Endogenous MOV10 inhibits the retrotransposition of endogenous retroelements but not the replication of exogenous retroviruses

Shetal Arjan-Odedra, Chad M. Swanson, Nathan M. Sherer, Steven M. Wolinsky, Michael H. Malim*

*Corresponding author for this work

Research output: Contribution to journalArticle

64 Scopus citations

Abstract

Background: The identification of cellular factors that regulate the replication of exogenous viruses and endogenous mobile elements provides fundamental understanding of host-pathogen relationships. MOV10 is a superfamily 1 putative RNA helicase that controls the replication of several RNA viruses and whose homologs are necessary for the repression of endogenous mobile elements. Here, we employ both ectopic expression and gene knockdown approaches to analyse the role of human MOV10 in the replication of a panel of exogenous retroviruses and endogenous retroelements.Results: MOV10 overexpression substantially decreased the production of infectious retrovirus particles, as well the propagation of LTR and non-LTR endogenous retroelements. Most significantly, RNAi-mediated silencing of endogenous MOV10 enhanced the replication of both LTR and non-LTR endogenous retroelements, but not the production of infectious retrovirus particles demonstrating that natural levels of MOV10 suppress retrotransposition, but have no impact on infection by exogenous retroviruses. Furthermore, functional studies showed that MOV10 is not necessary for miRNA or siRNA-mediated mRNA silencing.Conclusions: We have identified novel specificity for human MOV10 in the control of retroelement replication and hypothesise that MOV10 may be a component of a cellular pathway or process that selectively regulates the replication of endogenous retroelements in somatic cells.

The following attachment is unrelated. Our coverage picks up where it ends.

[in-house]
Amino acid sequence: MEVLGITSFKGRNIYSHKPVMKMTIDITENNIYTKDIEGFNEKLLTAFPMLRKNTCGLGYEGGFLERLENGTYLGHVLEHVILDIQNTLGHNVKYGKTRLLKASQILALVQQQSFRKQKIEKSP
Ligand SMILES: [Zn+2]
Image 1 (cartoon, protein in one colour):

Original languageEnglish (US)
Article number53
JournalRetrovirology
Volume9
DOIs
StatePublished - Jun 22 2012

Keywords

  • APOBEC3
  • MOV10
  • Retrotransposon
  • Retrovirus

ASJC Scopus subject areas

  • Virology
  • Infectious Diseases

Fingerprint Dive into the research topics of 'Endogenous MOV10 inhibits the retrotransposition of endogenous retroelements but not the replication of exogenous retroviruses'. Together they form a unique fingerprint.

Cite this